Historic stone buildings and monuments undergo a gradual, unstoppable, and episodic deterioration due to environmental or climatic impact, biological or mechanical deterioration, or, in the case of better-preserved structures, inadequate maintenance. Water infiltration, freezing and thawing, carbonation, wind erosion, acid rain, and graffiti/vandalism are the key "environmental" issues that strongly impact cultural heritage and therefore must be limited or even prevented. This interaction leads to the occurrence of different phenomena, possibly involving blistering phenomena on the stone surface, its gradual weather away, leaving a sound surface behind, or the dropping away of the bulk material, because of prolonged weathering, in a single event. It is noteworthy that, quite often, the stone may appear perfectly intact to the naked eye, though it is losing its cohesion beneath its surface. Therefore, it becomes necessary to either efficiently protect the stone substrates to prolong their life, or to fix the damage that already occurred by means of effective, reliable, and long-lasting consolidation/restoration strategies. This work aims at summarizing the current state-of-the-art referring to the use of monomeric/oligomeric or polymeric consolidants, providing the reader with some perspectives for the next future.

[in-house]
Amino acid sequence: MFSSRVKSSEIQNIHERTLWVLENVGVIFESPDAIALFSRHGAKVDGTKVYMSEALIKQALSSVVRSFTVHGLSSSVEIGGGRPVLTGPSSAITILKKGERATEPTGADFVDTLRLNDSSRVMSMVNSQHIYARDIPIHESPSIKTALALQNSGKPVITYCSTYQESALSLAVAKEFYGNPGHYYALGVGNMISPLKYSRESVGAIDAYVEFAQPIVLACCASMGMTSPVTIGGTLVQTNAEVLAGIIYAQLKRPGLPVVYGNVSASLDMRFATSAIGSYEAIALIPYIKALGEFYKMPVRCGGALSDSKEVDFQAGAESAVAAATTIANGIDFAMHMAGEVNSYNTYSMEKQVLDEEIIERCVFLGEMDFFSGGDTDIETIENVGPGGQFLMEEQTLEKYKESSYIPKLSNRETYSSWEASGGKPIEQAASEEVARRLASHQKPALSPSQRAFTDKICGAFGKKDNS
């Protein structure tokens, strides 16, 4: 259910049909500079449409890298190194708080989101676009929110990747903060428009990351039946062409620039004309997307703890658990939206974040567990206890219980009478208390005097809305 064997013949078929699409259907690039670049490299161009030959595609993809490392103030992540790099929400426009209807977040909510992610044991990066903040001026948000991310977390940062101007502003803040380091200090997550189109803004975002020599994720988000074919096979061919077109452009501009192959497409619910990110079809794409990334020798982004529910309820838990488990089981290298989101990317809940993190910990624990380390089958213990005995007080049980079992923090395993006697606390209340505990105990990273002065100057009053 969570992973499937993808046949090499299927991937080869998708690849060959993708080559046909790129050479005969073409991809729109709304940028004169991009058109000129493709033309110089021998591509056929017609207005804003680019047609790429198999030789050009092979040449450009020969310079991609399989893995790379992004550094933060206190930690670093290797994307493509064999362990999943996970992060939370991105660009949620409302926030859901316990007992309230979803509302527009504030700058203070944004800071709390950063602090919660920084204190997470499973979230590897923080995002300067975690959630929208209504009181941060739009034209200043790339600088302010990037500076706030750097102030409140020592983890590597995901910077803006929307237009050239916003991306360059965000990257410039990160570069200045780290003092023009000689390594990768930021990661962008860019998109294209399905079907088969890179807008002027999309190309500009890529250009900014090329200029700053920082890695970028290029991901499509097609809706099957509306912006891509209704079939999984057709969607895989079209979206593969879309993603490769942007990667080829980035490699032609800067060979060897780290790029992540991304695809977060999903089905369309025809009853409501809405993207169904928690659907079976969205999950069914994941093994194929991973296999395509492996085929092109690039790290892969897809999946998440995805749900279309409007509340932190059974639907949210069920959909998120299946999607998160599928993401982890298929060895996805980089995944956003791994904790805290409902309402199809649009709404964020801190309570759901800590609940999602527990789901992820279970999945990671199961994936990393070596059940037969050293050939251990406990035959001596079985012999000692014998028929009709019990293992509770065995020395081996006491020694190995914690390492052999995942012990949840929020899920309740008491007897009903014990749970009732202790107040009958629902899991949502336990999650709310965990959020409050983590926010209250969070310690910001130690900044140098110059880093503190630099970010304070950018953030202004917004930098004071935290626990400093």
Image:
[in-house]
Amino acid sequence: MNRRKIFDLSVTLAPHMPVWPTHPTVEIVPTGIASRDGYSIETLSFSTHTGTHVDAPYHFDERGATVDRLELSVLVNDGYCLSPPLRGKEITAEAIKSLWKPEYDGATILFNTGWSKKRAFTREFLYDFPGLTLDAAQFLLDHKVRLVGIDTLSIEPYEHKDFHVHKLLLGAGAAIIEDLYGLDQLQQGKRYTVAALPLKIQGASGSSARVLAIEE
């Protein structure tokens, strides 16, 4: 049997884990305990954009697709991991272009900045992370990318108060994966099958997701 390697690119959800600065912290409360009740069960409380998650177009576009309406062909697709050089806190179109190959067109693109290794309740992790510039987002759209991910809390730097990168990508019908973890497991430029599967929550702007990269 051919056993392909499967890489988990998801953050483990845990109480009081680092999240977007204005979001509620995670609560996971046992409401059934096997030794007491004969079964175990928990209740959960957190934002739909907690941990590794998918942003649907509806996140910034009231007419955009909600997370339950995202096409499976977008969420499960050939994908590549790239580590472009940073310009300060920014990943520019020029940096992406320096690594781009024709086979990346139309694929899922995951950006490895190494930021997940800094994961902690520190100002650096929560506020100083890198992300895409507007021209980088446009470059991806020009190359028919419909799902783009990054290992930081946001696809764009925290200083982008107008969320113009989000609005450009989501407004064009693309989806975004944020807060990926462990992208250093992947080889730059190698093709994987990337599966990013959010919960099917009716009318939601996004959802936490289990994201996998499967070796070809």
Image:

Consolidation of Stone Materials by Organic and Hybrid Polymers: An Overview / Mariani, A; Malucelli, G. - In: MACROMOLECULAR CHEMISTRY AND PHYSICS. - ISSN 1022-1352. - 224:13(2023). [10.1002/macp.202300053]